All That Is Scandal Becomes Old News, By Akin Adesokan

Prof Akin Adesokan
Akin Adesokan

Fewer events have generated as much anger and indignation during President Goodluck Jonathan’s tenure as the controversial pardon of his former boss, Diepreye Alamesigha, early last month. Yes, we know of the subsidy removal of January 2012 and the renaming of the University of Lagos by presidential fiat later in the year. But these were quickly or eventually reversed, perhaps because of the overwhelming outrage collectively expressed by Nigerians, especially in the first case. But I think that the reversals came because, in the scheme of things, the president could not really afford to fritter his political capital on these relatively insignificant issues.

The big game is still at large, his advisers must have calculated, so why allow these civic matters to lay your trap to waste. And what is the big game? Second-term tenure in the presidency come 2015.

Having come to power against the wishes of the power bloc in Northern Nigeria, and not sure of continuing acceptance in the other power bloc in the Southwest, Jonathan’s best bet remains the emerging bloc called South-South, his own political base, so to speak. But even that cannot be taken for granted, politics being what it is, and Nigerian politics for that matter.

In addition to an uncertain political climate, there are several bees buzzing in the bonnet. Henry Okah, an acknowledged leader of the Movement for the Emancipation of Niger Delta, MEND, remained unsullied by the horse-trading that passes for politics, and was conceivably a person of integrity.

But Okah was in trouble. Having been arrested and put on trial for the 50th independence anniversary explosions at Eagle Square in Abuja, Okah’s political value hung in the balance. Some of his statements to the court were leaked to the press, which indicated that persons close to the president had allegedly tried to blackmail him, but there was no knowing how he stood with the people in the South-South, the political base he shared with the president. Only the president and his close advisers knew this.

Could the decision to pardon Alamesigha have something to do with the political calculus around Okah’s trial?

Look at this way. The militancy in the Niger Delta that grew out of the widespread state violence of the 1990s bred an astute sense of political awakening, which MEND did a lot to institutionalize, even with the travails of Asari Dokubo and, later, Okah. The emergence of politicians like Alamesigha, Jonathan, Peter Odili, and many others can be traced to this political awakening.

The same process explained the indispensability of this geopolitical zone to the calculations of the ruling party, the People’s Democratic Party, in the run-up to the 2007 general elections: the Vice-Presidency just had to be zoned to the South-South. Jonathan, initially deputy to Alamesigha until the latter was impeached, arrested, and convicted for money laundering charges, progressed from that office to the governorship, then the Vice-Presidency, until circumstances thrust him into the President’s office. All in a little over three years.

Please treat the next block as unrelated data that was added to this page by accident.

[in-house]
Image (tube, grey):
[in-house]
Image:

Of all these figures, only Okah remained outside official politics. Whatever his current travails, he is certainly not without his own constituency. Jonathan has benefited most from the political fortunes of the region, in actual terms. His ascent to the office of the president is a historic feat, and points to the legitimacy of the case for the redress of the imbalances in Nigerian politics, especially as far as the Niger Delta is concerned.

It appears that there is not a single political camp in the region, even in the smaller zone that is Bayelsa. On the national stage, the menace of Boko Haram and the fallout of wrangling within the ruling party seemed to be weakening the president’s hold on the party’s bridle. His desire to contest the forthcoming election was heading for a dead-end. So, what to do? Okah’s trial looked likely to end in at least a conviction, and if this happened without a counterbalancing development, the hold on power would be weaker still, his influence in the Delta eroded.

And so came time to rehabilitate Alamesigha, the president’s former boss, a man reputed to be extremely influential among the leadership of the disarmed militant groups. When he returned to his base after jumping bail in 2006, the former governor was warmly welcomed by his people. He was not a suspect in a criminal case; he was a victimized defender of their rights. If the president was going to lose some of his influence as a result of Okah’s conviction, it would seem like the perfect idea to regain more of the same by getting an equally stalwart figure on his side.

Barely a week after the official pardon, Okah was sentenced in South Africa.  The scandalous is old news.

Professor Adesokan, a published novelist, teaches literary theory at the Indiana University in the United States. He also writes a monthly column for Premium Times.


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